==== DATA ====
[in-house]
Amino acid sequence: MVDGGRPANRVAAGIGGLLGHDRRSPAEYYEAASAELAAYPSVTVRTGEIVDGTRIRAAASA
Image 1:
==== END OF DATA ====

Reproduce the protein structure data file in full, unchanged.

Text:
[in-house]
Amino acid sequence: MVDGGRPANRVAAGIGGLLGHDRRSPAEYYEAASAELAAYPSVTVRTGEIVDGTRIRAAASA
Image 1: